Ukraine Calls for Ban on Atomic Heart Game Sales by Microsoft, Sony, and Valve
Ukraine Atomic Heart Ban: The high-ranking official from Ukraine, Vice Prime Minister Mykhailo Fedorov, has gone ahead and released a formal request to tech giants Microsoft, Sony, and Valve to completely ban the recently launched game, Atomic Heart, on their respective online stores.
This request, however, did not come alone, as Fedorov was generous enough to take to Twitter and post a letter he had addressed to the CEOs of these companies, detailing the reasons behind the request.
The Ministry of Digital Transformation of Ukraine took notice of the private companies’ efforts to intensify economic pressure on Russia by suspending all commercial activities in the country. Apparently, PlayStation and some other companies had already suspended sales in Russia, following its invasion of Ukraine last year.
The Ukrainian Vice Prime Minister, Fedorov, expressed deep-seated concerns about the game, Atomic Heart, developed by Mundfish, a Russian-based studio. Fedorov claimed that the game’s Russian management and offices could pose a potential threat, as the proceeds from the sales could be transferred to Russia’s budget, which could in turn, be used to fund war against Ukraine.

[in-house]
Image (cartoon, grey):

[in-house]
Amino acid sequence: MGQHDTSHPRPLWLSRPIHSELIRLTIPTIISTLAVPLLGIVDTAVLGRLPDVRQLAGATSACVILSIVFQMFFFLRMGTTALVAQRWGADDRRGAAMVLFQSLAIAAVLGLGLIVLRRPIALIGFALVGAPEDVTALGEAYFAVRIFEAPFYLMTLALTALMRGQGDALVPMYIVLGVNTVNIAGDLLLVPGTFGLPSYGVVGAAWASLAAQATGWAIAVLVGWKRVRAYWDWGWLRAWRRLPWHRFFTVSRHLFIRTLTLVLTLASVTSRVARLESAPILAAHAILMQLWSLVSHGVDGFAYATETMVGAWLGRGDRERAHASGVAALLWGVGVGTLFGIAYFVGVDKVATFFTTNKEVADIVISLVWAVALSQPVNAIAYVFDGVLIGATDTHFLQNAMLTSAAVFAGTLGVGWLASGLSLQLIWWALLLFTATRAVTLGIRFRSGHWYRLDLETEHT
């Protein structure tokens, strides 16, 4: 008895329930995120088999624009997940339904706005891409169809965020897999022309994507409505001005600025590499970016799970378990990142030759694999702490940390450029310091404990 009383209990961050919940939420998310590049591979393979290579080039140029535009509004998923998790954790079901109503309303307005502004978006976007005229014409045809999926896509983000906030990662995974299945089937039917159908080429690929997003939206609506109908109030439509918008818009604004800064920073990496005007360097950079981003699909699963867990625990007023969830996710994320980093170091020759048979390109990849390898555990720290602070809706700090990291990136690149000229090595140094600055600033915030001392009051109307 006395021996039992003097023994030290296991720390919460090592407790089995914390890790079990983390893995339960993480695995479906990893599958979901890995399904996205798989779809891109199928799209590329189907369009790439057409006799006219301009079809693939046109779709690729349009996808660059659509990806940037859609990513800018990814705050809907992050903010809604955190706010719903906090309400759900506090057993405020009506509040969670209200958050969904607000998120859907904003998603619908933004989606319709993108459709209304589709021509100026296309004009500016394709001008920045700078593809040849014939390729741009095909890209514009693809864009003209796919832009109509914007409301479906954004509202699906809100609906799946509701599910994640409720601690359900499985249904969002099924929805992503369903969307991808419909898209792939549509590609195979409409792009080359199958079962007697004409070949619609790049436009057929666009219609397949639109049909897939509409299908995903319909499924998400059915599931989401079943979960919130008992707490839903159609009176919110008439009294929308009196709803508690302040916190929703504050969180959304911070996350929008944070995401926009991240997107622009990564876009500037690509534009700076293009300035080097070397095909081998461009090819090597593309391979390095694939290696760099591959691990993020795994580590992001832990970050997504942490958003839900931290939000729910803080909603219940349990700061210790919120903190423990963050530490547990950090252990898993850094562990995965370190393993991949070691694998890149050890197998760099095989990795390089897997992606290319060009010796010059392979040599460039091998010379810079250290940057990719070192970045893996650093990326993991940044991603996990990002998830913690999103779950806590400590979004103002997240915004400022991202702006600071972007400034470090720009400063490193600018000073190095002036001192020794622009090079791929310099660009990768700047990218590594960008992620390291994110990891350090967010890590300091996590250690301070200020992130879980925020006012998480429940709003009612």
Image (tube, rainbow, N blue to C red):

To add insult to injury, Fedorov argued that Atomic Heart promotes the communist regime and Soviet symbols, which is a blatant violation of Ukrainian legislation. Therefore, he urged these companies to ban the game’s sale on their digital storefronts, as they would not want to be perceived as a platform that supports communism, even in a futuristic portrayal.
In the letter addressed to Jim Ryan, the CEO of Sony Interactive Entertainment, Fedorov made an impassioned plea for Sony to refrain from selling the digital version of the game on PlayStation. Similarly, he requested the same from Microsoft and Valve for their respective digital stores.
It remains to be seen whether or not these tech giants will comply with the request of the Vice Prime Minister of Ukraine, which could potentially set a precedent for other governments to make similar demands of these companies.
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